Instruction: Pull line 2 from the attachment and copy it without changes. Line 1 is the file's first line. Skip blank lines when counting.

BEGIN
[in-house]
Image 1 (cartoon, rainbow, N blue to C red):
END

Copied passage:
Image 1 (cartoon, rainbow, N blue to C red):